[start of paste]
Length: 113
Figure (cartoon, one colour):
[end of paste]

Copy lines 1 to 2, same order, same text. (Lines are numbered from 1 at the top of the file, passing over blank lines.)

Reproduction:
Length: 113
Figure (cartoon, one colour):